"All right, have to go," Gunn corrected.

"If Wesley's so sure, let him go," Lorne protested, turning his back on the portal to leave. "Prophesies are his area, anyhow."

Gunn stepped in front of Lorne, blocking his escape. "And negotiations are your area," he reminded the demon. "The non-legal ones, anyway."

"Tha's right," Spike agreed. "I'm the muscle, and Charlie's your legal backup."

"And extra muscle," Gunn corrected. "Did you see me kick that door down?"

"Guess that explains the casual clothes and boots," Spike allowed. "Not very lawyer-like, is it?"

"Wes said to dress casual for this mission."

"He din't tell me that."

Gunn raised one eyebrow and cocked his head at Spike. He pointedly looked the vampire up and down.

"Oh. Yeh. Right," Spike said, looking down at his trademark outfit. Then, returning his attention to Lorne, he said "Anyway, Lorne, you're the one who's s'posed to be so good at making deals with these sorts."

Gunn set his axe on the floor and put both hands on Lorne's shoulders. "And if you can negotiate that Streisand deal, negotiating the purchase of a prophesy book ought to be no problem at all."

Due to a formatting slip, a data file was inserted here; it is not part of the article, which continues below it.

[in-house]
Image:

" 'Specially when that book's s'posed to say what's about to happen to us." Spike nodded at Gunn to show that he was ready, and Gunn nodded in reply. Then Spike stepped through the portal.

"Good," Lorne said, "now he's on his way and he can take care of it. Let's go for pizza!"

"Lorne, c'mon," Gunn urged. "Wes said it's perfectly safe. We'll be fine."

"If that's true, why are you bringing your axe?"

"Better safe than sorry. Would you rather I leave it behind?"

"Not on your life," Lorne said resignedly. "Or more to the point, mine. But you're sure that this is the right portal? You're sure that we can get back and don't need a spellbook that'll get left behind? I mean, it could happen. Again."

"You heard Wes the same as I did. He says the portal's a permanent corridor between this dimension and the other one. Always open. 24-7."

"Lorne took a deep breath and sighed. "I'm not really trying to get out of it, you know. I'm just stalling 'cause I'm nervous."